Matching Data for Algorithms from Various Sources - dummies

Matching Data for Algorithms from Various Sources

By John Paul Mueller, Luca Massaron

Interacting with data from a single source is one problem; interacting with data from several sources is quite another. However, datasets today generally come from more than one source, so you need to understand the complications that using multiple data sources can cause. When working with multiple data sources, you must do the following:

  • Determine whether both datasets contain all the required data. Two designers are unlikely to create datasets that contain precisely the same data, in the same format, of the same type, and in the same order. Consequently, you need to consider whether the datasets provide the data you need or whether you need to remediate the data in some way to obtain the desired result.
  • Check both datasets for data type issues. One dataset could have dates input as strings, and another could have the dates input as actual date objects. Inconsistencies between data types will cause problems for an algorithm that expects data in one form and receives it in another.
  • Ensure that all datasets place the same meaning on data elements. Data created by one source might have a different meaning than data created by another source. For example, the size of an integer can vary across sources, so you might see a 16-bit integer from one source and a 32-bit integer from another. Lower values have the same meaning, but the 32-bit integer can contain larger values, which can cause problems with the algorithm. Dates can also cause problems because they often rely on storing so many milliseconds since a given date (such as JavaScript, which stores the number of milliseconds since 01 January, 1970 UTC). The computer sees only numbers; humans add meaning to these numbers so that applications interpret them in specific ways.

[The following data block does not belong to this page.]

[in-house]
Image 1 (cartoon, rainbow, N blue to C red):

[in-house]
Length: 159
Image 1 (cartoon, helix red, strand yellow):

• Verify the data attributes. Data items have specific attributes. This interpretation can change when using numpy. In fact, you find that data attributes change between environments, and developers can change them even more by creating custom data types. To combine data from various sources, you must understand these attributes to ensure that you interpret the data correctly.

The more time you spend verifying the compatibility of data from each of the sources you want to use for a dataset, the less likely you are to encounter problems when working with an algorithm. Data incompatibility issues don’t always appear as outright errors. In some cases, an incompatibility can cause other issues, such as errant results that look correct but provide misleading information.

Combining data from multiple sources may not always mean creating a new dataset that looks precisely like the source datasets, either. In some cases, you create data aggregates or perform other forms of manipulation to create new data from the existing data. Analysis takes all sorts of forms, and some of the more exotic forms can produce terrible errors when used incorrectly. For example, one data source could provide general customer information and a second data source could provide customer-buying habits. Mismatches between the two sources might match customers with incorrect buying habit information and cause problems when you try to market new products to these customers. As an extreme example, consider what would happen when combining patient information from several sources and creating combined patient entries in a new data source with all sorts of mismatches. A patient without a history of a particular disease could end up with records showing diagnosis and care of the disease.